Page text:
"The performance on the balance beam wasn’t as good as I wanted. My overall first place was in peril, and then I started to feel anxious. I remember I asked my coach: ‘What score do I need to win gold?’
"Floor was the last apparatus. And he told me: ‘Go, do your best, give it your all, I know you’ll do well.’ So I regained confidence, and it went well. I remember the hugs at the end of the exercise, the medal…"
"I still have goosebumps! Just thinking about the gold medal, the ceremony on the podium… is something very emotional." - Giorgia Villa
"After Buenos Aires, I have more fans following me. The expectations are higher, and my coaches have become even more demanding.
"That was my last important competition as a junior, and it was the perfect way to transition to senior."
Villa has been a promising gymnast since a very young age, and at 11, she left home to move to Brescia.
She competes for the prestigious Brixia club (winner of 17 Italian titles from 1998 to 2019), where she trains seven hours a day.
Her inspiration has always been fellow Italian Vanessa Ferrari, but she also admires Aliya Mustafina ("She's always elegant, even in the exercises where you need to be explosive."), Angelina Melnikova, and Simone Biles. ("Watching her train is something incredible.").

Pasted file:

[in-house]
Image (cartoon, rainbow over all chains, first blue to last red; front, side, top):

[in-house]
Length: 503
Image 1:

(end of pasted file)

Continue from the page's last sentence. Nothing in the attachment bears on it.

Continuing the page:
"Artistic gymnastics is my passion because it’s a very tough and demanding life and you need a lot of passion to work hard in the gym. The satisfaction is when, after preparing for a big event, you get a medal or a positive result," Villa admitted.
"The floor is the apparatus that excites me the most: I enjoy the music, the support from the fans...I also enjoy the adrenaline before an event, the preparation, the make-up..." - Giorgia Villa
"Before an event, I need to listen to some music that pumps me up, I need some positive energy...Then, when I see the arena full, I feel charged up!"
At the last World Championships, Villa enjoyed performing her floor exercise to the tune of the famous Neapolitan song 'Funiculi, Funicola':
"I like to unleash my energy on the floor, that's what excites me, and I love when the audience feels involved."